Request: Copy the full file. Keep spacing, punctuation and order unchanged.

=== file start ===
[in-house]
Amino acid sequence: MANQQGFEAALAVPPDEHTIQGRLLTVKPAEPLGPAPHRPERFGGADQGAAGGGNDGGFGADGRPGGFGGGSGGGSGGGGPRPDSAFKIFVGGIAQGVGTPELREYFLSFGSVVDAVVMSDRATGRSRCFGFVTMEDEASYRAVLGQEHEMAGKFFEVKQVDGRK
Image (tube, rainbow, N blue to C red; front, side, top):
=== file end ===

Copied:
[in-house]
Amino acid sequence: MANQQGFEAALAVPPDEHTIQGRLLTVKPAEPLGPAPHRPERFGGADQGAAGGGNDGGFGADGRPGGFGGGSGGGSGGGGPRPDSAFKIFVGGIAQGVGTPELREYFLSFGSVVDAVVMSDRATGRSRCFGFVTMEDEASYRAVLGQEHEMAGKFFEVKQVDGRK
Image (tube, rainbow, N blue to C red; front, side, top):